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SPECIAL AIRWORTHINESS INFORMATION BULLETIN NO. ACE-98-26
DATE April 23, 1998
AIRCRAFT CERTIFICATION SERVICE
800 INDEPENDENCE AVENUE, S.W.
WASHINGTON, DC 20591
PUBLISHED BY FAA, AFS-610,
P.O. BOX 26460,
OKLA. CITY, OK 73125
THIS IS ISSUED FOR INFORMATIONAL PURPOSES ONLY AND ANY RECOMMENDATION FOR CORRECTIVE ACTION IS NOT MANDATORY
The purpose of this Special Airworthiness Information Bulletin (SAIB) is to advise owners/operators of Augustair, Inc. (formerly Varga, Shinn, Morrisey, and Montanair) models 2150, 2150A and 2180 of a possible fuel mismanagement situation. This information is valuable to anyone who operates one of the above listed airplanes because of the possibility of fuel exhaustion especially when conducting maximum range/endurance flight. The SAIB is advisory in nature and not mandated by regulation.
This SAIB is prompted by reports of near total fuel exhaustion. This situation can occur when the airplane is flown after having been parked on a sloping ramp with one wing lower than the other and both fuel valves in the “on” position. The fuel will drain from the high wing to the low wing and may begin to siphon overboard when the fuel reaches the level of the vent outlet. Fuel can reach the level of the vent outlet during refueling if the tank is filled to a point above the vent outlet or the airplane is refueled when the fuel is cool and the fuel expands to the vent outlet as the fuel temperature rises with the outside temperature. Fuel siphoning, once begun, will continue until the fuel is drained below the level of the vent outlet, fuel pressure in the tank builds up too much to allow venting, the aircraft is moved to a level surface or at least one of the fuel valves is closed and a tank cap is loosened to relieve the pressure. Fuel loss may range from a fraction of a gallon to several gallons, depending on the circumstances. In addition to the loss of fuel, this condition presents a fire hazard.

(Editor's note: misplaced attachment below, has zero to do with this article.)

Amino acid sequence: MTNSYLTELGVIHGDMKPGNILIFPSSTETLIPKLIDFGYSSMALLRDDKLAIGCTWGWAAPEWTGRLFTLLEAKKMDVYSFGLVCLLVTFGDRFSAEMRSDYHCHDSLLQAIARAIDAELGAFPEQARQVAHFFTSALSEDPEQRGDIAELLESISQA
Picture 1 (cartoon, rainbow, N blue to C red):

The FAA is recommending, but not requiring the following:
a. Operators should ensure that a thorough preflight inspection is conducted prior to flight, including a physical verification of the fuel quantity. This alone will alleviate the possibility of operating the airplane with an insufficient/unknown fuel quantity.
b. Ensure that both fuel valves are in the correct position (off/on) prior to takeoff.
c. Ensure that both fuel valves are placed in the off position when the airplane is parked. This will prevent the initiation of fuel siphoning even on a sloping ramp. These measures are common sense but some operators are either unaware or are not utilizing them.
For Further Information Contact:
Jerry Robinette, Aerospace Engineer,
FAA, Atlanta Aircraft Certification Office,
1895 Phoenix Boulevard,
One Crown Center, Suite 450,
Atlanta, Georgia 30349;
telephone: (770) 703-6096;
facsimile: (770) 703-6097.